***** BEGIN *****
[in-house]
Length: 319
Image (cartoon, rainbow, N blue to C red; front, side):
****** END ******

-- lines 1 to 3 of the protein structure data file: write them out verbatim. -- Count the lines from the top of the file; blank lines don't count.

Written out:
[in-house]
Length: 319
Image (cartoon, rainbow, N blue to C red; front, side):